SINGAPORE – The police could soon collect DNA, such as blood samples, saliva and hair follicles, from individuals involved in a wider scope of crimes, including mischief, obscene acts and drink driving.
The enhanced collection of information from suspects, which was one of the main amendments to the Registration of Criminals (Amendment) Bill introduced in Parliament on Monday (Aug 1), will provide the authorities with larger databases to compare samples from crime scenes.
Currently, the police can collect non-DNA identifying information like photographs and fingerprints as well as DNA information only for registrable crimes, which are serious crimes that lead to a criminal record for convicted individuals.
As a result, the current DNA database is small and limits the police’s ability to solve crimes, especially in cases with very few leads, said the Ministry of Home Affairs (MHA).
With the amendments, the police will be allowed to collect DNA information for registrable crimes and eligible crimes.
In the context of the Bill, eligible crimes, such as voluntarily causing hurt, unlawful stalking and affray, are crimes which are imprisonable.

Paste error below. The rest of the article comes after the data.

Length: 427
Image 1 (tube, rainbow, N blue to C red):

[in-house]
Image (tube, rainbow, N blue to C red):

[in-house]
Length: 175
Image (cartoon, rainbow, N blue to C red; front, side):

Such crimes are non-compoundable, which means offenders are not eligible for the option of settling the case out of court by paying a compensation in lieu of punishment and a criminal record.
A new offence will also be introduced for accused individuals who refuse to provide blood samples without a reasonable excuse. They may be fined up to $1,000, jailed for up to one month, or both.
A key amendment in the Bill includes allowing any individual to provide his DNA or non-DNA identifying information voluntarily to the police. Volunteers can request the police to delete their information at any time, and the police must accede to their request.
Currently, only individuals who are present at the crime scene or questioned in investigations can voluntarily provide their DNA to the police.
MHA also tabled several other amendments to the Registration of Criminals (Amendment) Bill that will allow for law enforcement agencies to carry out their duties more effectively and to safeguard personal data. These include:
- The introduction of a reviewing tribunal comprising a district judge or magistrate, which will be set up to hear appeals against a decision by the police to reject an application for data removal.
- Allowing DNA information to be used to identify a dead individual, and for any investigations and inquiries into a death. This will also allow for the identification of an individual, who is otherwise unidentified or unable to identify himself, so that the police may assist him. Currently, DNA information can be used only for criminal investigations, forensic comparison with other DNA information and for criminal proceedings.
- The introduction of legislative safeguards to prevent the loss, modification and authorised access to any information recorded in various databases. For example, those accessing the databases will have to be screened and authorised by the police.